An exhibit of recent works by 67-year-old, Georgia-born Bo Bartlett long known for his blending of realism and surrealism, comes to the Museum of Contemporary Art (MOCA) Jacksonville on May 26. Organized by the Gibbes Museum of Art in Charleston, South Carolina, and curated for MOCA by Senior Curator Ylva Rouse, the exhibition presents a selection of Bartlett’s works continuing his exploration into human interaction with the natural world. His larger-than-life scenes are inspired by personal experience, current events, and the landscapes of his homes in Maine and Georgia.
An American realist painter and filmmaker, Bartlett is known for his large-scale narrative paintings that embrace his southern upbringing and gothic sensibility through deeply personal subject matter. Bartlett is a classically trained painter and employs a mix of figurative realism and the surreal in his works, continuing the tradition of American Realists like Andrew Wyeth, Edward Hopper, and Thomas Eakins, with a clear thread of Surrealist influence.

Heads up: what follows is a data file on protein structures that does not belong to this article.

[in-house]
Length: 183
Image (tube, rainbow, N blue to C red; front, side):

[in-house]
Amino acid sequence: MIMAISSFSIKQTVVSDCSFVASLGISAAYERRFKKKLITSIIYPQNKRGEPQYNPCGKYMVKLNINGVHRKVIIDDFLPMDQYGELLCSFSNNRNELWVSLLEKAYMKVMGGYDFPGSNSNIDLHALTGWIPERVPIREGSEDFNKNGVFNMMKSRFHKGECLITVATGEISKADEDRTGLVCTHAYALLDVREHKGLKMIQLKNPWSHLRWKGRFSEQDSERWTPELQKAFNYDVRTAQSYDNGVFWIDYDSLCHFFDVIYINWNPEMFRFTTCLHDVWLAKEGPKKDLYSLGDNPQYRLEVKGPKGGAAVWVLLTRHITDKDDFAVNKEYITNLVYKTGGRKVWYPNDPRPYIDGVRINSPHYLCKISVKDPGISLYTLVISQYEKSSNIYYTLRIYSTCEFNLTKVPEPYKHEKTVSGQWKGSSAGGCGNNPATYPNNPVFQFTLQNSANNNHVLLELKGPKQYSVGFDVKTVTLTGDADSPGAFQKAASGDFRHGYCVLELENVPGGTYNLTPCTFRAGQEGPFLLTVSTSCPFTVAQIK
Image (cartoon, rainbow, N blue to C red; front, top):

Bartlett’s luminous figurative works offer just enough context to be relatable, while leaving the viewer with a sense of mystery and the opportunity to fill in the blanks of the story based on their personal experiences. He sets his figures in stark outdoor settings, at once familiar and indefinable. You immediately recognize the setting but need a few more details to accurately place the specific location. It is much the same with his figures—idealized forms in familiar settings, engaged in activities that leave the viewer wondering. The sense of mystery and slight unease is heightened by a direct stare, a figure just slightly out of place, or a detail that makes you ask yourself what precisely what is going on. His celebration of the everyday and commonplace is presented with an uncanny, dreamlike tone that produces psychological tension, a sense of unease, and an opportunity for introspection.